2. Bob: Thanks for your nice note. I am absolutely a “very small Hall” guy—just like Rogers Hornsby! Did you read my original post about the Hall wherein I suggested that if I had my way, I would move many players out into a supplemental wing (yet to be built) where they would be assigned secondary status.

    As for your question about my opinion of all the players on the current ballot, on first glance I would vote no on all of them—just like Hornsby would!

  3. Joe, the question of Small Hall vs. Big Hall is a matter of taste, but I think you’re making too much of the opinions of a few Olneys and Gammonses when it comes to the question of roiders.

    Here’s why I’m skeptical: Mark McGwire is now sitting below 20% of the total (I think it’s 19.7%). He might gradually increase that total as long as he keeps a low profile as a batting coach in St. Louis and the Cardinals keep winning, but he’s still got a long, long way to go.

    The arguments you hear that Bonds and Clemens are “different” rest on the case that these two were Hallworthy BEFORE they started using steroids, whereas McGwire needed steroids to get his totals into Hall of Fame territory. But whether you buy that argument or not (I don’t, and I’d bar all known roiders on principle, regardless of what they did before they started roiding), the problem is that for Bonds or Clemens to get in, fully 56% of the total BBWAA would have to agree with that argument, ON TOP OF the 19.7% of the writers who voted for McGwire. The point is that it’s going to take a lot more than a handful of writers like Olney and Gammons to get any roiders into the Hall of Fame in the near future. Down the road, that’s another story, but for the first year at least, I seriously doubt it.

  4. Andy: That’s a great point. I think there are writers who simply won’t vote for the steroid users. I hope not, anyway. And I agree that McGuire isn’t Hall worth even if he hadn’t been exposed. But I get worried when I hear writers say about Jim Thome, “Well, he’s such a great guy” as a reason to put him in. Is that the sixth tool now—personality?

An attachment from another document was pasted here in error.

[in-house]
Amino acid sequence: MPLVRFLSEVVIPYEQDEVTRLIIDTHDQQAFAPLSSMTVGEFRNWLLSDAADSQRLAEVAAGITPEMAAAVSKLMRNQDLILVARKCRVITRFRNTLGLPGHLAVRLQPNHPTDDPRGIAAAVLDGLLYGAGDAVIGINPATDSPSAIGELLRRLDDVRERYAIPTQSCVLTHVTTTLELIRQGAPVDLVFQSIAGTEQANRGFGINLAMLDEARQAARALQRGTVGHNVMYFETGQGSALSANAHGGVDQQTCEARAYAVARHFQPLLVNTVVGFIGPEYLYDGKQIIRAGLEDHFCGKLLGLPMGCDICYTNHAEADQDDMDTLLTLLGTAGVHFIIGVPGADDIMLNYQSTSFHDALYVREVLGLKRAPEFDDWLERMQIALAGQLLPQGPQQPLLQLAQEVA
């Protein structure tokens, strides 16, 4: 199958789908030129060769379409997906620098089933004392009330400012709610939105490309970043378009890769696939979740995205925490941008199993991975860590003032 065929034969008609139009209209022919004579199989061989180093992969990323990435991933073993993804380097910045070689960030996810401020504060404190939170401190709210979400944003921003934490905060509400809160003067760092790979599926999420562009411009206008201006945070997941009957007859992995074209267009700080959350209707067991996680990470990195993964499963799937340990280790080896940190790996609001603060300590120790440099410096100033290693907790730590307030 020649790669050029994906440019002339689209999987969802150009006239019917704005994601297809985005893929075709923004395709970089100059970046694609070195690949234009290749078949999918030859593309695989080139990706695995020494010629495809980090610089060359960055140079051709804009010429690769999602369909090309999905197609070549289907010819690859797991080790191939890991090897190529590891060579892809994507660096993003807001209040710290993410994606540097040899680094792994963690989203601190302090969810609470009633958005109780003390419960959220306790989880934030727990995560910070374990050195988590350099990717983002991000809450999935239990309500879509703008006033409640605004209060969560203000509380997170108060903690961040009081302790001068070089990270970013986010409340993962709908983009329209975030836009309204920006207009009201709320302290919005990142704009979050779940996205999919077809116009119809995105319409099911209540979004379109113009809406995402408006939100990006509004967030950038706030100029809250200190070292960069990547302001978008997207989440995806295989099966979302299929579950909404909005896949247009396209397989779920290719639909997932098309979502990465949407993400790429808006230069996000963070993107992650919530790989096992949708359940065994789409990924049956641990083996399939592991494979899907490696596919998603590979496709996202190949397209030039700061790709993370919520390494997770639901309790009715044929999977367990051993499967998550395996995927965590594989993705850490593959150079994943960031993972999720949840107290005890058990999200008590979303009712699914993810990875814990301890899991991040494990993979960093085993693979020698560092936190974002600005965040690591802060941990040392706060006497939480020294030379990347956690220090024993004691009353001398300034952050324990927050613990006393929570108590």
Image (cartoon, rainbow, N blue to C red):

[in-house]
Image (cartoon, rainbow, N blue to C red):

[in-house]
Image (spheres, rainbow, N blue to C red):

5. I agree with Joe’s assessment here. Once you start lowering your standards, all you do is encourage mediocrity. All you have to do is look at the nation’s education system to see what happens when you water down grades and accept less than the best effort. What happens next is that the public accepts the new standard as being “normal” or “reflective of changing times.” Sorry, I’m not buying into the “Big Hall” argument.

  6. Personally, I’m a “small hall” guy in that I think the hall should be limited to 100 players, so I don’t think anybody on this year’s ballot could be considered to be one of the top 100 players of all time.

    However, with regards to whether players tainted by steroid use will ever be elected, I think you have to consider that there are two different types of voters on this issue…voters who will not vote for ANY steroid user on general principles, and voters who will not vote for SPECIFIC steroid users because they think that their stats were bolstered by their steriod use to the extent that they would not have been HOF-quality players without the use of steroids.

    I’m the latter type of voter, so I would vote for Bonds and Clemens in a heartbeat because I think they were HOFers even before they used steroids (Bonds’had already won three MVP’s with a WAR of 94.1 before 1998, for example, and Clemens had already won 5 Cy Youngs with a 92.6 WAR before he joined the Yankees), but would never vote for McGwire, Sosa, Palmiero, Sheffield, Manny Ramirez, et al, because I don’t think they would have been HOF-quality players without the assistance of steroids.